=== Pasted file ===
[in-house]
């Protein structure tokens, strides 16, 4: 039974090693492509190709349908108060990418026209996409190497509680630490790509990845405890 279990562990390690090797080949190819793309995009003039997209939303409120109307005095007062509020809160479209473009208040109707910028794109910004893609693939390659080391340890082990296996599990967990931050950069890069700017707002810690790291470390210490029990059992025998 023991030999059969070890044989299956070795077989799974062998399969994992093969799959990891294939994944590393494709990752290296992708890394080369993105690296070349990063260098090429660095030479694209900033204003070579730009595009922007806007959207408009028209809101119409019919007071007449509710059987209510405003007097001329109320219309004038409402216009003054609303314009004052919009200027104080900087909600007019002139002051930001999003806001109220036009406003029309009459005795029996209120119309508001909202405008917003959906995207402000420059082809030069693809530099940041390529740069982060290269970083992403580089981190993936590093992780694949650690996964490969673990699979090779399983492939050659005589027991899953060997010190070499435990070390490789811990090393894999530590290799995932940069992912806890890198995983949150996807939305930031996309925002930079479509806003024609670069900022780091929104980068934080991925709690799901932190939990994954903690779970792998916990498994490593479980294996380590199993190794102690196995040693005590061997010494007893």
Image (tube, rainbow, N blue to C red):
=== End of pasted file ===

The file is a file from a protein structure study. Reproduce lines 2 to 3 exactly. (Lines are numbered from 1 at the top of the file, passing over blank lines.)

């Protein structure tokens, strides 16, 4: 039974090693492509190709349908108060990418026209996409190497509680630490790509990845405890 279990562990390690090797080949190819793309995009003039997209939303409120109307005095007062509020809160479209473009208040109707910028794109910004893609693939390659080391340890082990296996599990967990931050950069890069700017707002810690790291470390210490029990059992025998 023991030999059969070890044989299956070795077989799974062998399969994992093969799959990891294939994944590393494709990752290296992708890394080369993105690296070349990063260098090429660095030479694209900033204003070579730009595009922007806007959207408009028209809101119409019919007071007449509710059987209510405003007097001329109320219309004038409402216009003054609303314009004052919009200027104080900087909600007019002139002051930001999003806001109220036009406003029309009459005795029996209120119309508001909202405008917003959906995207402000420059082809030069693809530099940041390529740069982060290269970083992403580089981190993936590093992780694949650690996964490969673990699979090779399983492939050659005589027991899953060997010190070499435990070390490789811990090393894999530590290799995932940069992912806890890198995983949150996807939305930031996309925002930079479509806003024609670069900022780091929104980068934080991925709690799901932190939990994954903690779970792998916990498994490593479980294996380590199993190794102690196995040693005590061997010494007893």
Image (tube, rainbow, N blue to C red):